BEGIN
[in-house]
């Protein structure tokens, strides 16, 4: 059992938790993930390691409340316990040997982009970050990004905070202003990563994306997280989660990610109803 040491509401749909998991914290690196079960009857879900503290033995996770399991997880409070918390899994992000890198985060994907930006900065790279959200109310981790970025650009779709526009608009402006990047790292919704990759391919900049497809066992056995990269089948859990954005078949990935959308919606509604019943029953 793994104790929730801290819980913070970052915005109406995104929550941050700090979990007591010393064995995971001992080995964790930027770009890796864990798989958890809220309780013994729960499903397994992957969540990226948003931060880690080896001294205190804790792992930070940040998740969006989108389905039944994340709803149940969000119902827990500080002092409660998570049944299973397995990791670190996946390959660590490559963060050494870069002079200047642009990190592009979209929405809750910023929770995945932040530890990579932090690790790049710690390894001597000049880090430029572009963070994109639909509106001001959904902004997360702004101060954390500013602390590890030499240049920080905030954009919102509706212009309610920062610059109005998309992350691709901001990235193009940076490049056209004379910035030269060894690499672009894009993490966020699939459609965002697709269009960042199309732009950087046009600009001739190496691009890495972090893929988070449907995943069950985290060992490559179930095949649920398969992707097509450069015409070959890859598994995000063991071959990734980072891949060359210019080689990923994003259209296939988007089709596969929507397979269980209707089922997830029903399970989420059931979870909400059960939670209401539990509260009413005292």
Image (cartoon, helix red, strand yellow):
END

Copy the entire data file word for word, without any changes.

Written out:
[in-house]
């Protein structure tokens, strides 16, 4: 059992938790993930390691409340316990040997982009970050990004905070202003990563994306997280989660990610109803 040491509401749909998991914290690196079960009857879900503290033995996770399991997880409070918390899994992000890198985060994907930006900065790279959200109310981790970025650009779709526009608009402006990047790292919704990759391919900049497809066992056995990269089948859990954005078949990935959308919606509604019943029953 793994104790929730801290819980913070970052915005109406995104929550941050700090979990007591010393064995995971001992080995964790930027770009890796864990798989958890809220309780013994729960499903397994992957969540990226948003931060880690080896001294205190804790792992930070940040998740969006989108389905039944994340709803149940969000119902827990500080002092409660998570049944299973397995990791670190996946390959660590490559963060050494870069002079200047642009990190592009979209929405809750910023929770995945932040530890990579932090690790790049710690390894001597000049880090430029572009963070994109639909509106001001959904902004997360702004101060954390500013602390590890030499240049920080905030954009919102509706212009309610920062610059109005998309992350691709901001990235193009940076490049056209004379910035030269060894690499672009894009993490966020699939459609965002697709269009960042199309732009950087046009600009001739190496691009890495972090893929988070449907995943069950985290060992490559179930095949649920398969992707097509450069015409070959890859598994995000063991071959990734980072891949060359210019080689990923994003259209296939988007089709596969929507397979269980209707089922997830029903399970989420059931979870909400059960939670209401539990509260009413005292």
Image (cartoon, helix red, strand yellow):